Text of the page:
Classical Karst to be listed as UNESCO natural heritage by 2020
The project, coordinated by Park Škocjanske Jame, the operator of the Škocjan Cave system that is already listed as UNESCO's World Heritage, has been under way since 2010.
It was initiated by Slovenia after several calls by the International Union for Conservation of Nature for a joint bid of all countries featuring Dinaric Karst to have it protected by UNESCO. Slovenia opted for a solo bid in 2015, after Croatia and Bosnia-Herzegovina backed away.
The country's bid encompasses 25,000 hectares of land in six municipalities in central and south-western Slovenia. Featured prominently in the area are features such as karst fields and related networks of caves and waters.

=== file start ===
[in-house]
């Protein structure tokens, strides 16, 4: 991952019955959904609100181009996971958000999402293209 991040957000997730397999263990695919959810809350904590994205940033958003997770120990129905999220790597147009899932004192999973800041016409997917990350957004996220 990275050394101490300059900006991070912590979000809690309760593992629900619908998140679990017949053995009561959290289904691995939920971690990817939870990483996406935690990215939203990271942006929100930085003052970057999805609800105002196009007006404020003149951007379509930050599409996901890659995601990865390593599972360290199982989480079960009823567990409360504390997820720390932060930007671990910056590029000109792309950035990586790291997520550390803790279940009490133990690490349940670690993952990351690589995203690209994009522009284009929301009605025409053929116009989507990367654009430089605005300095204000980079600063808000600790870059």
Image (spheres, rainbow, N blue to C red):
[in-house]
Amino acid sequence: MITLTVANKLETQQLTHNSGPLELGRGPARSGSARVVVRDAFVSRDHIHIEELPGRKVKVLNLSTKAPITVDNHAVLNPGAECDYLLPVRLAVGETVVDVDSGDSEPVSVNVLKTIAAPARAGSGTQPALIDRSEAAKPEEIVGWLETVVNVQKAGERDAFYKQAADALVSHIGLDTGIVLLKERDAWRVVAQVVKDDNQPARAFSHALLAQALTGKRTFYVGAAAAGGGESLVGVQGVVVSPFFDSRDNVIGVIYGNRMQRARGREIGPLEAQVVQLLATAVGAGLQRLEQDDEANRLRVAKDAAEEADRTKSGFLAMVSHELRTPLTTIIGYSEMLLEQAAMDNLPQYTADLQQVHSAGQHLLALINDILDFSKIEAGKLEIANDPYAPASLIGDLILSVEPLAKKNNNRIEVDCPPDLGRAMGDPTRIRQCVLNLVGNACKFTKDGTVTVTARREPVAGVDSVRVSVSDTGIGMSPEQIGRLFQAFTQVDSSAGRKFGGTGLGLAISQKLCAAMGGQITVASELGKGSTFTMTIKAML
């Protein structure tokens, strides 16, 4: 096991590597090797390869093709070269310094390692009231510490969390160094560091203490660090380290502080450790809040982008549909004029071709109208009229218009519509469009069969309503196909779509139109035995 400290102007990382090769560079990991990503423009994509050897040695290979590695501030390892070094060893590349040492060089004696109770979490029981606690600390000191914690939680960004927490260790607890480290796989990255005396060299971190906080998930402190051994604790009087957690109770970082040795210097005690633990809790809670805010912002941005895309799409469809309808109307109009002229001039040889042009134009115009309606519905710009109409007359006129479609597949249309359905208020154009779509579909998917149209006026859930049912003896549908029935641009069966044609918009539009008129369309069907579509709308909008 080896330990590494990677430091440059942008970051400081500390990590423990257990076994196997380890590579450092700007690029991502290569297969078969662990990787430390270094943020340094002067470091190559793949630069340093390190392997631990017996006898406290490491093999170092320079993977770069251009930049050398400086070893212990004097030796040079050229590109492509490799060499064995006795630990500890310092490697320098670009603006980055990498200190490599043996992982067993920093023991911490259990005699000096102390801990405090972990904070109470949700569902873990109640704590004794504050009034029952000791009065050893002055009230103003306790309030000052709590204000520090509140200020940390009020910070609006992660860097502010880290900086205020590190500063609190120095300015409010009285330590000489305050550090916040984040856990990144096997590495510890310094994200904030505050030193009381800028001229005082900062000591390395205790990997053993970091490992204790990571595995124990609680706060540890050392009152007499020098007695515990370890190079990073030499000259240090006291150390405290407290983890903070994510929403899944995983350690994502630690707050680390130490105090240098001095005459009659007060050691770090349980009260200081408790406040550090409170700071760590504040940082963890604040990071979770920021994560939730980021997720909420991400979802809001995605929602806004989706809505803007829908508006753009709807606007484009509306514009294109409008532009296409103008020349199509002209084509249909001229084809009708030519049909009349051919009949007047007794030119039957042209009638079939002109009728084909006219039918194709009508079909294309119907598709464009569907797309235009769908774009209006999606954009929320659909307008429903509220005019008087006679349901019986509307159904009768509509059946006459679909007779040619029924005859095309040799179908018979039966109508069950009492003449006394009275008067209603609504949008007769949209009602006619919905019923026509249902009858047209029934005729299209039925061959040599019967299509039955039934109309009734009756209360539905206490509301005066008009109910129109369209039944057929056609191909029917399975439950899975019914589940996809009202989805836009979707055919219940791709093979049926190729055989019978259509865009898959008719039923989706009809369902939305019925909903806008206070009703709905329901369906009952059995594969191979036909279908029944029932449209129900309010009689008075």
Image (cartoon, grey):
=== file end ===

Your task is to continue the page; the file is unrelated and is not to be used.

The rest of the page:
"This would be Slovenia's fifth listing, the third in nature. It would be a great recognition of Slovenia ... as the cradle of karst studies," Rosana Cerkvenik, the project coordinator said as partners, including ten organisation dealing with karst in one way or another, signed an agreement on managing Classical Karst on Monday.
Environment and Spatial Planning Minister Jure Leben, one of the signatories of the deal, added that such projects proved Slovenia was a green country. He said that Slovenia would use the listing, which he is certain UNESCO will approve, to show to tourists and other visitors "our natural heritage".
There could be a snag, as the area houses the main military training grounds, Poček. But the minister promised that a water management analysis would be prepared by the end of the year to address potential issues.